Polar's chest-band heart monitors are very well known among serious athletes. Less well-known are Polar's wristwear, which are serious pieces of high-end gear.

At CES, the company unveiled the V800, which it's pitching as an "advanced multisport training computer." The V800 does round-the-clock activity tracking, including GPS and (optionally) heart rate monitoring, which it tracks even while its user is swimming. It's got a large Gorilla Glass display that can show up to four weeks of training data, and syncs via a Bluetooth Smart device to the Polar Flow app and online service. Add-ons are promised for monitoring cycling effort.

Price: $450 ($500 with heart monitor) 
Available: April 2014

Credit: YouTube.com
Garmin Vivofit wristband

Garmin has long been a big name in GPS and outdoor tech gear, but hasn't been much of a presence in the nascent wearables market. The company is now taking a shot at it with the Vivofit line.

The Vivofit looks a lot like a Fitbit Force, but has a larger display more like a Nike Fuelband. The Vivofit will learn your activity patterns and set new goals for you that increase as you progress. There are two models: one with a heart monitor and one without. Both will sync with Garmin's online fitness community, Garmin Connect.

Price: $130 ($170 with heart monitor) 
Available: First quarter 2014

Credit: YouTube.com
Magellan Echo wristband

The Magellan Echo takes a very different approach from Garmin's device: It acts simply as a display and controller for fitness apps that run on your phone. The Echo works with apps including Strava, MapMyRun, Wahoo Fitness and iSmoothRun, with more (according to the company) to be announced soon.

One benefit of this approach: The Echo runs off an ordinary CR2032 coin battery. Another benefit: Its relatively low cost.

Price: $150 ($199 with heart monitor)
Available: Now

Credit: YouTube.com
Heapsylon Sensoria Fitness socks

It seems the logical next step: Put the sensor into the clothes. Except it's hard to do, which is what makes Heapsylon's new device so interesting.

The Sensoria Fitness sock includes textile sensors in the sock's sole that are read by an ankle bracelet; the bracelet, in turn, attaches magnetically to one of the socks. The anklet then communicates with your smartphone, which can be running an app or can send the data into the cloud. The sensors can analyze your stride and cadence -- important for runners. They can also monitor weight and whether the wearer has fallen.

Price: $199 (four pairs of socks, one anklet, one charger, mobile app); extra socks are $29/pair 
Available: March 2014

Credit: YouTube.com
Intel Edison Development Board

Intel made the biggest wearables splash at CES by unveiling its Edison Development Board. The Edison is built around a dual-core 400MHz Quark processor running Linux (CEO Brian Krzanich called it "Pentium-class," which probably appealed to the older techies in the audience). It will carry an unspecified amount of memory, integrate Wi-Fi and Bluetooth, and fit on an SD card.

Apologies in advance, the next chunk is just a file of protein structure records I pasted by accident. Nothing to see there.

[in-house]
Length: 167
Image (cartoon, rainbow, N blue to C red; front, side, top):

The company also put $1.3 million into a "Make It Wearable" marketing campaign, seeding projects using the Edison platform. As an example, Krzanich showed an instrumented baby onesie, which would sense and transmit metrics -- such as temperature, respiration and the all-important dampness -- to a parent via a coffee cup (of all things).

Price: N/A
Available: Mid-2014

Freescale WaRPboard reference platform

Hardly content to cede a wearables war to Intel, chipmaker Freescale showed off its WaRPboard reference platform at CES. The hardware is built around Freescale's i.MX 6SoloLite processor -- a single-core ARM Cortex A9 running at up to 1GHz with up to 256KB of level-2 cache. Other components include built-in accelerometer, magnetometer and pedometer, along with 4GB of flash memory, Wi-Fi, Bluetooth Smart and an LCD display. The platform runs Android 4.3.

The entire kit includes the main board, a daughter card, an LCD display battery and a microUSB cable.

Price: $149 
Available: Second quarter 2014

Credit: YouTube.com
Novasentis Clic haptic actuator

You won't see a Novasentis Clic haptic actuator on Best Buy shelves, but there's a good chance that it will soon be in many of the wearable products on the market.

The company's electrical-mechanical polymers are thin films, 200 microns thick, that elongate slightly when a small voltage is applied so that the user feels a "click." Similar technology can be used to sense touch and even to play sound. Because it's not necessary to vibrate the entire device to provide haptic feedback and because the voltage requirements are so small, the Clic polymers can drive significant size and cost efficiencies, according to the company.

Price: N/A 
Available: Late January 2014

Dan Rosenbaum, a long-time tech journalist, is editor of Wearable Tech Insider.